Finding the beauty in ugly
There's one reason Britney Spears gets to call herself a singer and Robert Pattinson is an international sensation: Sex sells.
It always has, and as long as testosterone and estrogen flow through the human body, it always will. Every now and then, an ugly person, like a Steve Buscemi, can make a good living playing up his or her unattractiveness, but for the most part, being hot helps when it comes to film and television.
So I'm not at all shocked Wimbledon organizers admitted "physical attractiveness is taken into consideration" when deciding who plays on Centre Court in the women's matches. Translation: They want hot chicks on display during prime time.
I get it.
You get it.
We all get it.
Organizers are trying to sell their sport and believe the casual, straight male fan is more apt to watch attractive women -- because if they had a love of the game, they wouldn't be casual fans, would they? In a sport in which Anna Kournikova, a player without a singles title, can become the most popular on tour, no one should be surprised by any of this.
Yes, it's sexist.
Not because beautiful women are on display for TV, but because the ugly men are allowed to play anytime, anywhere. It's like those ridiculous movies in which the hot girl can't keep her hands off some schmuck who looks like dried fruit. It's never the other way around. Anyway, if putting the athletic equivalent of Spears on TV can help draw in fans, increase ratings and thus make the Women's Tennis Association more money, by all means, go for it. Doing so might hurt some of the players' feelings, but it's not undermining the integrity of the sport. Court assignments don't affect the outcome of the match or tournament. Sure, a battle between two lesser-known beauties might not hold much gravitas for the purist, but seeing a top player crush an unranked opponent in less than an hour doesn't make for a great match, either. As long as the players themselves respect the game and carry themselves as professional athletes and not sex kittens, I don't see the harm. Some critics say it sends the wrong message to young girls -- namely, you have to be pretty to be noticed. I say it sends several messages to young girls -- one being that you don't have to be some man's trophy just because you're pretty. That you can be strong, smart, competitive and pretty. And by the way, you don't have to be pretty to be noticed, but as Spears and Pattinson have shown, it certainly doesn't hurt.
Besides, at a time when corporate dollars and sponsorships aren't flowing as freely as they once were, it's vital that sporting events and venues show a quantitative return on a company's investment. One tried and true way to do that is through television ratings, and one tried and true way to have good television ratings is through showing attractive people. This is why Matthew McConaughey appears to be allergic to shirts. Shake your head disapprovingly all you want, but the real reason Susan Boyle's story was so inspirational was that millions of people were amazed someone who looked so bad could sound so good.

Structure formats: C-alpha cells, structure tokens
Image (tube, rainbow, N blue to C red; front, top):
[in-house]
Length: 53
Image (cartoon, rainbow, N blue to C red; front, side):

I actually find the Wimbledon officials' honesty quite refreshing, because maybe now a real conversation about women's sports can occur. That doesn't mean sexist and homophobic comments should be allowed to go unchecked, but perhaps it's time to admit there is a difference between men's and women's sports and that the interest level in each isn't based entirely in prejudice. "Transformers: Revenge of the Fallen" is breaking records at the box office, but I don't know anyone who thinks it is a good movie. By comparison, "Trouble the Water" hardly grossed a dime, yet I haven't seen anything more compelling. It's apples and oranges, and they both have their place.
PC talk usually doesn't translate into PC action without an HR department, and last I checked, gender equity in the workplace wasn't a beer on tap at the Kit Kat Club. Sometimes people like what they like, and accepting that also requires a certain degree of tolerance.
So I'm sorry if the Dinara Safina look works better for her brother, Marat Safin, than it does for her. But at least she can take solace in knowing this: Style might win out in the first week of a major, but substance -- and trophies -- win out in the second. After all, beauty is fleeting, but greatness lasts forever, and when it's all said and done, greatness is what receives the loudest ovation at Centre Court.
LZ Granderson is a senior writer for ESPN The Magazine and a regular contributor to Page 2. He can be reached at email@example.com.
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Women's singles: Serena Williams, United States
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Men's doubles: Daniel Nestor, Canada, and Nenad Zimonjic, Serbia
Women's doubles: Venus and Serena Williams, United States
Mixed doubles: Anna-Lena Groenefeld, Germany and Mark Knowles, Bahamas
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